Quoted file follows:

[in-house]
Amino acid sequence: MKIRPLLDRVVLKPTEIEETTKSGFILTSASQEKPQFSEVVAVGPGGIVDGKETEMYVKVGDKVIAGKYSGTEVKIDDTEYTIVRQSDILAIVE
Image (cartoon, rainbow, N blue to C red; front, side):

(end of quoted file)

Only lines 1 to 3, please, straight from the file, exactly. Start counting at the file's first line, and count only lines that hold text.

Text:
[in-house]
Amino acid sequence: MKIRPLLDRVVLKPTEIEETTKSGFILTSASQEKPQFSEVVAVGPGGIVDGKETEMYVKVGDKVIAGKYSGTEVKIDDTEYTIVRQSDILAIVE
Image (cartoon, rainbow, N blue to C red; front, side):